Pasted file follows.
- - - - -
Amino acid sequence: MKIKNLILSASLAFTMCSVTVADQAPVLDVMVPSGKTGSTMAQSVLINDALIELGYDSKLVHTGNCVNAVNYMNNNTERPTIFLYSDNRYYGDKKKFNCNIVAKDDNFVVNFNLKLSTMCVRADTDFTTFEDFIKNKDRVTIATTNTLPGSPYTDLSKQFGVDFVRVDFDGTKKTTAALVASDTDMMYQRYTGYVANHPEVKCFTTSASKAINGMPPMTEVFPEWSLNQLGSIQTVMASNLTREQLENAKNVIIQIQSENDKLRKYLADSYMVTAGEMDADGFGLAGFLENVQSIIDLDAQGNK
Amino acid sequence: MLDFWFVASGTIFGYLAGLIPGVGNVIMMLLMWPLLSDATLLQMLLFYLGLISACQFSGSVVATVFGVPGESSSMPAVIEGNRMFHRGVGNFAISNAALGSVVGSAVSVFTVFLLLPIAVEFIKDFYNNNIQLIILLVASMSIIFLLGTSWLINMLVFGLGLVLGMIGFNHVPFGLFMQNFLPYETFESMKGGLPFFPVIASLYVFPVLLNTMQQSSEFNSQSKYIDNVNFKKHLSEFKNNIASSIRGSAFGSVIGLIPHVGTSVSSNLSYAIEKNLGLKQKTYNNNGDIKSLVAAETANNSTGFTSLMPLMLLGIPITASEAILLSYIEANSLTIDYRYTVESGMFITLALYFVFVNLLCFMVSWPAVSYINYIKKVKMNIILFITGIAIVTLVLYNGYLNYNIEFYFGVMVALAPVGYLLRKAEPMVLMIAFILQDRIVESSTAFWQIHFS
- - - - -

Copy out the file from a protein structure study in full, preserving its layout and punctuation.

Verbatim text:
Amino acid sequence: MKIKNLILSASLAFTMCSVTVADQAPVLDVMVPSGKTGSTMAQSVLINDALIELGYDSKLVHTGNCVNAVNYMNNNTERPTIFLYSDNRYYGDKKKFNCNIVAKDDNFVVNFNLKLSTMCVRADTDFTTFEDFIKNKDRVTIATTNTLPGSPYTDLSKQFGVDFVRVDFDGTKKTTAALVASDTDMMYQRYTGYVANHPEVKCFTTSASKAINGMPPMTEVFPEWSLNQLGSIQTVMASNLTREQLENAKNVIIQIQSENDKLRKYLADSYMVTAGEMDADGFGLAGFLENVQSIIDLDAQGNK
Amino acid sequence: MLDFWFVASGTIFGYLAGLIPGVGNVIMMLLMWPLLSDATLLQMLLFYLGLISACQFSGSVVATVFGVPGESSSMPAVIEGNRMFHRGVGNFAISNAALGSVVGSAVSVFTVFLLLPIAVEFIKDFYNNNIQLIILLVASMSIIFLLGTSWLINMLVFGLGLVLGMIGFNHVPFGLFMQNFLPYETFESMKGGLPFFPVIASLYVFPVLLNTMQQSSEFNSQSKYIDNVNFKKHLSEFKNNIASSIRGSAFGSVIGLIPHVGTSVSSNLSYAIEKNLGLKQKTYNNNGDIKSLVAAETANNSTGFTSLMPLMLLGIPITASEAILLSYIEANSLTIDYRYTVESGMFITLALYFVFVNLLCFMVSWPAVSYINYIKKVKMNIILFITGIAIVTLVLYNGYLNYNIEFYFGVMVALAPVGYLLRKAEPMVLMIAFILQDRIVESSTAFWQIHFS